Victor Douieb’s passions run deep and are many, appearing to combine these notions of beauty and the sublime into one singular yet somewhat circular activity: when he sees a beautiful animal in its natural surroundings, he experiences something impossible to describe with words alone and is compelled to re-create the encounter in artistic form. Through this process, he closes the circle — from natural beautiful form to artistically beautiful form. Asked where his true passion ultimately lies, Victor cites the crossroad of his elemental love of all animals and the sense of adventure he derives from the pursuit of getting as close to them as he can. Whether it’s scuba diving with sharks of all manner or getting into an enclosure with a tiger or wolf, witnessing these beings in their world with such deep respect for them is key to this distinctive rendering of immersion therapy. One of his first and still current passions is deep sea diving; an avocation he’d once hoped might have become his profession.
As a boy growing up on the outskirts of Paris, France, animals with wildlife in particular captivated Victor as far back as he could remember. One of his earliest childhood memories was around age seven and skipping school to sneak into the circus when it had come to town. Standing as close as possible to the elephant and lion enclosures the scent of those powerful creatures became seared into his memory. To such a young boy their immensity created a potent and indelible impression.
At 13 his family would vacation on the beaches of Spain each summer while he would instead spend his time at a nearby equestrian center, trading chores in the stable for a chance to learn how to ride horses. Victor would eventually become an excellent horseman and even own several Appaloosas as an adult. But his passion for animals truly ignited when he read Jacques Cousteau’s seminal work Le Monde Du Silence (The Silent World). Its subtitle “A story of undersea discovery and adventure, by the first men to swim at record depths with the freedom of fish” bewitched the young teen. He yearned to grow up and become one Dr. Cousteau’s “Aquanauts” so that he too could experience the magic of this hidden underwater universe.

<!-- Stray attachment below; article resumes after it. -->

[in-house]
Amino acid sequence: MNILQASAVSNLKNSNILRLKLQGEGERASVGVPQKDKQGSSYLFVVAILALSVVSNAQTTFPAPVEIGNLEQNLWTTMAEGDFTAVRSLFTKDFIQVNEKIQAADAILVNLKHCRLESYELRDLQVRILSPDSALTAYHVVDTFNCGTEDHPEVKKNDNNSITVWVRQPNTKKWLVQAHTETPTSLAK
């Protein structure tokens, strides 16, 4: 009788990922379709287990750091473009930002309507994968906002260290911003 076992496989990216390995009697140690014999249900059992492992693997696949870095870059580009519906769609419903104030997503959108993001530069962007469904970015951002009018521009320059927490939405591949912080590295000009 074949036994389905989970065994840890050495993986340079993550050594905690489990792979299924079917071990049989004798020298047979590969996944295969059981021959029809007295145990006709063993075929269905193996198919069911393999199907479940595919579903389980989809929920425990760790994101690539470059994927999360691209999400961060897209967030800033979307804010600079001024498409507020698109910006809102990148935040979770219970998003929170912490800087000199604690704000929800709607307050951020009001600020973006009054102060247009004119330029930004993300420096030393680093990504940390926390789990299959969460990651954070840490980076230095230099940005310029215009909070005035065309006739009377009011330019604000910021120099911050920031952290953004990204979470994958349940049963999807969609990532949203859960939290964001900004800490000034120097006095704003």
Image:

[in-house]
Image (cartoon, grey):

Although that particular variation of his diving pursuits went unrealized, in the coastal waters of southern France when he was 18 Victor received his scuba diving certification. During the following decades, the adventurer would travel extensively to dive the exotic locales of Fiji, the Bahamas, the coast of Egypt, and elsewhere. He would go to Kenya on a safari to see great wild beasts such as the rhino and hippo, each new experience effectively building upon the previous. “I’d seen my first shark when I was diving in Egypt,” Victor remembers, “and as I kid I was always crazy about sharks for some reason. To get that close to one of the world’s greatest apex predators, knowing that they are tolerating your presence in their world, is a humbling experience.”